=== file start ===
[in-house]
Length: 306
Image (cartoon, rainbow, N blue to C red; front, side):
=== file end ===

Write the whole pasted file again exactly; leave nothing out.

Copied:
[in-house]
Length: 306
Image (cartoon, rainbow, N blue to C red; front, side):